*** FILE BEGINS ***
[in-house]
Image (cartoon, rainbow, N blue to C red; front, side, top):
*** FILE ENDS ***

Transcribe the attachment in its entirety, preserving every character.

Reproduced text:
[in-house]
Image (cartoon, rainbow, N blue to C red; front, side, top):